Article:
Enforcing Association Cardinality
If you're like me, XML document design brings out your darker side. We like a schema whose heart is stone -- a schema that's just itching to call a candidate document on the carpet for the slightest nonconformity. None of this any-element-will-do namespace validation for us. We enjoy the dirty work: schemas, we think, are best built to be aggressive in ferreting out the little mistakes in the information set that could later confuse the more sheltered and constructive-minded XML application.
In this article, we'll practice a bit of that merciless science. Specifically, we'll look at ways to control the cardinality of associations between XML elements. The basic implementation, which we'll review momentarily, of an association between two types is simple enough but is only sufficient for many-to-one relationships. What if multiple references, or zero references, to an item are unacceptable? What if a referenced item may or may not be present? These variations will require other techniques, and these are essential for the truly draconian schema author.
This article will use a simple UML notation to illustrate patterns and examples. Knowledge of both XML Schema 1.0 (Part 1 in particular) and UML is assumed, although in developing our notation we'll have a chance to review a little of both.
A Simple UML Notation
The Unified Modeling Language (UML) provides a basis for a simple notation which will serve our needs in identifying rudimentary design patterns and in illustrating specific examples. (Note that many UML-to-Schema mappings are possible; see the "XMI Production for XML Schema" specification from the OMG for one much more formal option.)
First, let's say that a single complex type is what UML calls a
class, with XML attributes and simple-type child elements
represented by UML attributes -- we're also borrowing the XPath
@ shorthand to distinguish an XML attribute from a
simple-type child element.
<xs:complexType name="Part"> <xs:sequence> <xs:element name="Name" /> <xs:element name="Price" /> </xs:sequence> <xs:attribute name="PartID" /> <xs:attribute name="InStock" /> </xs:complexType>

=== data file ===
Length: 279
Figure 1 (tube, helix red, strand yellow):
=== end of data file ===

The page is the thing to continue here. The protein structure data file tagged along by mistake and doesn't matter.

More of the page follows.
Expressing Compositions: Content Models
The above example also represents the most basic sort of composition, in which all the components are of simple type. Composition of one complex type in terms of another in UML is most literally denoted as an aggregation by value; note the use of a name on the composing type and the depiction of cardinality:
<xs:complexType name="Dealership"> <xs:sequence> <xs:element name="InventoryItem" type="Part" minOccurs="0" maxOccurs="unbounded" /> <!-- Other content omitted. --> </xs:sequence> </xs:complexType>
One brief note on composition: it is so basic to the XML information model that it's easy to overuse. It's an excellent habit to challenge the assumption that composition is the best characterization of a given relationship, and with XML Schema, as we're about to see, there's no practical reason to avoid implementing a looser association where it's appropriate to the design.
Expressing Associations: Key Relationships
For types that are related other than by composition the UML association is a useful concept. It declares that between two types there is a clear relationship, which may be named on either side or on both, and usually that there is a clear understanding of cardinality as well. The association also may be navigable in either or both directions; to navigate the association is to find an associated instance based on knowledge of an associating instance.
Although association is an OO concept, its implementation in XML
Schema relies on a classic relational database feature, the
foreign-key relationship. A key
must be defined to allow unique instances of the associated
Salesman above) to be identified; and the
instances of the associating type (
Car) rely on
reference to point to referenced items. These two constraints are
very close in spirit to RDBMS primary and foreign keys,
<xs:element name="Dealership"> <xs:complexType> <xs:sequence> <!-- Referenced types Car and Salesman not shown. --> <xs:element ref="Car" minOccurs="0" maxOccurs="unbounded" /> <xs:element ref="Salesman" minOccurs="0" maxOccurs="unbounded" /> </xs:sequence> </xs:complexType> <xs:key name="SalesmanKey"> <xs:selector xpath="Salesman" /> <xs:field xpath="@SellerID" /> </xs:key> <xs:keyref name="CarToSalesman" refer="SalesmanKey"> <xs:selector xpath="Car" /> <xs:field xpath="@SoldBy" /> </xs:keyref> </xs:element>
The precise validation rules that are realized by these two components are as follows:
- Each element of type
Salesmanmust be found to be unique among its direct siblings (not in the whole document), as evaluated by the fields listed in the governing key.
- Each element of type
Carthat has the fields identified in the governing key reference (it might not, depending on composition cardinality!), the values in those fields must be found to be equal to exactly one corresponding set of values in the referenced key.
The basic implementation of an association, shown above, expresses
many-to-one cardinality: multiple A to singular B. Let's speak
generally now of associations "from A to B". By nature, the
xs:keyref simply assures that a B exists wherever an A
refers to it; it guarantees that there are no dangling references, so
to speak. Validation of a document against a key reference does not
make any checks as to the number of elements that might reference the
same item. The following sections lay out techniques for deviating